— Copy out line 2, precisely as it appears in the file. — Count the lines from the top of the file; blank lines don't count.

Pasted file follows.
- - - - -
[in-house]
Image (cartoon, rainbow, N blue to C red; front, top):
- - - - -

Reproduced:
Image (cartoon, rainbow, N blue to C red; front, top):